The Romantic Novelist

The Romantic Novelist

by Chris Dean

A journalist with The Sun enjoyed Vincent’s novel and visited him on the island east of Nantucket for an interview. It was a long cold drive from Boston and he prepared Stroganoff and an old family recipe: butter rum punch. The fact that Ruth Sawyer was a diva who filled the old mansion with the colors of raven-red hair and deep green eyes had nothing to do with his arrangements. He had not known how lovely she was beforehand, had he? But once she was curled up on one corner of the long Breckenridge sipping her toddy, he proceeded as if they were on a date. Bitterly celibate for five years now, Vincent Stanhope desperately needed to make a connection. Boston wasn’t that far, after all, and they could easily become friends. She could come swimming next summer. Why, she could spend the entire week.

Ruthie assumed Stanhope was gay. He was exceptionally thin, cooked better than her mother, and he dressed like the Count of Monte Cristo. He lived in that ancient antebellum monstrosity, presumably the last in a long line of gay Stanhopes.

Vincent posed in front of the French doors and showed off his dazzling smile, feeling quite dapper in his Victorian waistcoat. He was at the top of his game and he needed to be. A woman this beautiful would never settle for less than the best. And Vincent was a paragon of refined deportment. He intended to seduce her, with proper manners and relentless good intentions. In the next few weeks she would come to think of him as more than just a friend.

He offered her a second drink, not caring if she took it. One was quite enough for his purposes. He asked her about her life, showing sincere interest. She mentioned her mother was still alive. She didn’t go home much any more. Home was in Maine.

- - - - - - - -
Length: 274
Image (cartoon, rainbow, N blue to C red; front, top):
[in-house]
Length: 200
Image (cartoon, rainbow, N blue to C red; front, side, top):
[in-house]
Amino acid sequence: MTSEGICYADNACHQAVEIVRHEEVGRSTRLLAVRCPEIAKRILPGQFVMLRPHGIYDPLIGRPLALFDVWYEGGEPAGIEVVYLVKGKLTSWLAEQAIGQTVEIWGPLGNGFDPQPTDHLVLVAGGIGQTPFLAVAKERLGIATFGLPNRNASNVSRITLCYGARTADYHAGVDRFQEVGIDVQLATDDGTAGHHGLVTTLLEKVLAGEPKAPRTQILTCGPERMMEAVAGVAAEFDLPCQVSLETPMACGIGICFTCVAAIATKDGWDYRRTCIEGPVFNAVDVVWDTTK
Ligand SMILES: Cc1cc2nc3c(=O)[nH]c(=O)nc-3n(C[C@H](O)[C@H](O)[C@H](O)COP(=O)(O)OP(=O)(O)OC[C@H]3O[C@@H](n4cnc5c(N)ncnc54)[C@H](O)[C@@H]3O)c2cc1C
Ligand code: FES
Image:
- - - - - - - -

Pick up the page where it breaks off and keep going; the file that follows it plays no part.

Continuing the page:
She turned on small tape recorder, saying, “I hope you don’t mind.” He didn’t know if he did or if he didn’t. “I understand you once lived in Boston.”

“Oh, that mess. For ten years. I hated working there, really I did.” He wondered if she could tell he was flirting.

“That was just after Columbia University?”

“I won’t talk about it one moment longer. My early years. So much has changed in my life. When I graduated I was considered quite eligible—in my circle. But I never married. Yet, I suppose. You have to allow that there’s always a chance.” Oh yes, he was certainly flirting now. She had to know.

Ruthie soaked it all in. Was Stanhope implying that he and his boyfriend were thinking about getting married? Curious, she asked, “But you live here alone?”

Vincent smiled enigmatically. “For the present.” There, he’d done it. Now she knew he was available and looking. And she was clearly interested in his situation.

Ruthie was floored. Apparently the boyfriend was moving in and they were getting married. And there in Stanhope’s home state of Rhode Island the marriage would not be legally recognized. It would make a great twist for the article. She baited him. “You must have someone special in mind.” Get him talking about the boyfriend and their relationship. On tape! Oh, this was gold.